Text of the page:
Applause Vol. 24 2014
Table of Contents Letter from the Editor- Rhiannon J. Corley
Hangover- Martin Newman
Prize Fighter*- Jessica B. Weisenfels
Usage of the Outside Couch*- Jessica B. Weisenfels
Balloons at Bellagio- Talia Blanton
Hitcher- Pat McAteer
Wild Woman- Staci Miller
Notes on Dierdre- Jessica B. Weisenfels
Cirrus- Talia Blanton
Lizzie*- Staci Miller
Riff on Brathwaite’s “Bread”*- Tim VanDyke
Magdelena- Talia Blanton
Dog Gone- Staci Miller
Sunwise- Staci Miller
L’ancienne Campagne- Christy Neu
Sunday Mourning- Christy Neu
Divorce Normal- C.W. Post
Flashbulb Trail- C.W. Post
One for the Grand Kids- C.W. Post
Riff on Ginsberg’s “Witchita Vortex Sutra”- Tim VanDyke Horace the Hoarse Horse- Rocky Ward Chin to Cheek with Your Baby Cousin, All I Think is You- Jessica B. Weisenfels A Thing Devoted- Jessica B. Weisenfels Workingman in Southtown, I Hear You- Jessica B. Weisenfels One Night Stumble- Sasha Yedrysek Thorns- Martin Newman Alexander Pope, a Politcal Poet*- Lindsay Miranda Jay Gatsby and the Nostalgia That Kills*- Staci Miller Weathered- Talia Blanton
50 51 52 53 54 55 58 60 63 66
Colophon *Indicates a winning piece in the Fall Creative Writing Competition. These works were selected by UAFS faculty as the best of all entries submitted to the contest. Like all submissions to Applause, these works were entered and judged anonymously.
Letter from the Editor Dear Reader, For twenty-four years the Applause staff has put together a phenomenal magazine full of the best works of UAFS students. This year is no exception. The artwork, short stories, poems, and essays showcase the best of what UAFS students have to offer the world. As always the work was chosen anonymously and with great care. We are grateful to the many supportive staff and faculty who continuously support the work we do to make Applause a success. Furthermore we would like to thank the students who make their way into its pages; without them this publication would not be possible. We would like to extend a special thanks to Dr. Paul Beran, Chancellor; Dr. Ray Wallace, Provost; Dr. Joe Hardin, Dean of the College of Languages and Communications; and Dr. Cammie Sublette, English Department Chair. An enormous thank you to Dr. Carol Westcamp, faculty advisor to Applause. We also thank the supportive faculty, staff, students, and family members of our department. I personally would like to thank the Layout Editor Staci Miller for all of her hard work and dedication. Without every single one of these people Applause would not exist as you see it today. We sincerely hope that you enjoy the publication this year and that you look to Applause for many years to come. We are extraordianrily pleased to present to you the best of what UAFS students have to offer. Enjoy. Sincerely, Rhiannon J. Corley Editor 2013-2014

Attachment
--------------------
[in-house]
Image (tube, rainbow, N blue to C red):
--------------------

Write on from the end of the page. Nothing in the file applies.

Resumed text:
Hangover (graphite on paper) Martin Newman
Award Winning Short Fiction
The Prize Fighter Jessica B. Weisenfels 1st Place, Short Fiction Marcy was drunk. “…and you know, I try. God knows I try. I try so hard. And what thanks do I get for it?” “None,” Ryan chimed in. Marcy nodded with her whole torso. “So yeah. So what. I’m a freaking school teacher…” “Darlin’ I’m pretty sure it’d be fine for you to drop an f-bomb at this point.” “I’m a FUCKING school teacher.” A cheer went up across the room. “Fuck yeah, man!” One of Samantha’s many boyfriends crossed the room to high five Marcy. “My god how old are you?” She asked him. Ryan poured her another shot. “You can’t go to a twenty one year old’s birthday party and expect everyone to be of age, Mars.” “That’s the magic word, Sam!” the boyfriend shouted at Samantha, who was sprawled on the abandoned game of Twister on the floor. “Everybody have a drink?” “HAPPY BIRTHDAY SAMANTHA!” Ryan yelled, and the party echoed his cry. “A shot for my baby sister!” The guests raised their glasses and watched Marcy down her shot. By the time they were all ready to drink, Marcy was finished and felt their eyes on her. She suddenly felt conspicuous. “Ryan! Am I being too loud?” “Naw, man. It’s a party. Anyway, you’re a fucking school teacher?” “So yeah. I’m a fucking school teacher. That means I can’t drink?” “So what if one of your students’ parents saw you leaving the liquor store. I mean, she was there too, right?” “She was picketing, Ryan. P-I-C…no…that’s not right. Is it? How much have we had?”